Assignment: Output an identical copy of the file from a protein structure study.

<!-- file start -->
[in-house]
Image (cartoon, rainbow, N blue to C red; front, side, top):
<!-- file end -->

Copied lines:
[in-house]
Image (cartoon, rainbow, N blue to C red; front, side, top):